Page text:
“What do you want me to make?” she always asks before we come to their home in Big Rapids.
“What do you want me to bring over?” she asks before they come for a visit to our house in Lowell.
So, I have the privilege of picking from a wide menu of choices; anything from Moroccan beef, Stroganoff beef, Chinese to Czech dill sauce with dumplings.
I like to pick kebabs any style.
Mom Ella is a very sensitive person. She cries over both man-made and natural disasters. Mom cried over the oil spill in the gulf that destroyed a lot of marine life. She cries over the situation in Syria. She cries over our lives.
When I see her cry, I cry too. It’s somewhat of an emotional synergy.
She is generous all around; in church, with the family, close and distant and in the developing countries.
She’s getting fragile. Ella will turn 80 next year.
I can’t believe it. My beautiful and kind mother is aging. Last year, she had skin cancer removed from her face. Before that, she underwent countless surgeries, both successful and unsuccessful.
“Everybody lies to me, because it’s easy, I am old,” she said the other day. “Old people get lied to.”
As years go by, Ella is getting more stubborn. She does not want to reconciliate the discord with her only sister Anna, who lives in Czech Republic.
“Mom you should make up with your sister,” I said.
“She doesn’t want to make up with me,” she snapped at me.
Ella and dad have always strove for perfection and to fit in with the most. That may have been hard on them. Ella has a perfectly clean house where everything has its own spot.
She gets upset with me because not everything in my house has its own spot. I like to move things around. I sometimes leave dishes behind.
Ella is very vocal about my life; that I could have done a lot more with it.
“We were at this concert where Ferris students played,” she said Friday. “Can you imagine how those parents felt when they have such successful and serious kids?”
We each have things that bother us. We cover it up, hold it inside or we talk about it.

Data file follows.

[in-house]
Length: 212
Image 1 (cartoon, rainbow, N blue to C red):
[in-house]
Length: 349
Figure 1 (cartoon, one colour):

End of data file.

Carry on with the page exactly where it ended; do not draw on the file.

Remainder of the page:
At a certain point, we have to come to terms with anything that’s depriving us of living a life to its fullest extent.
Mom has given me life and all the tools to live it.
Thank you, Mom.
Cover photo of tulips by Emma White Darling of Parnell, MI.
Copyright (c) 2016. Emma Blogs, LLC. All rights reserved.
International Women’s Day honors women around the world with different events
By EMMA PALOVA
EW Emma’s Writings
Czech Republic celebrates women on March 8th during the International Women’s Day (IWD). And it is definitely making a comeback considering all the posts on social media.
Check out my last year’s series IW Inspiring Women leading up to this event with the orchid logo. I profiled women from all walks of life: teachers, politicians, businesswomen, non-profit workers and long distance hikers.
Here are pictures of some of the women I wrote about in the series.
It was a big day for women in former Czechoslovakia.
They received flowers, chocolates, cakes and nylons.
. It was also a reason for men to drink to our health.
What I love is that the country kept both the old observations of special days, while picking up on new ones like Mother’s Day. That way they doubled up on fun.
Globally, the International Women’s Day celebrates the social, political, economic achievements of women around the world while focusing on areas needing attention.
This year’s theme is, “Pledge for Parity.”
I’ve always been all about change in everything, but this area of change in women’s equality around the world has always been close to my heart.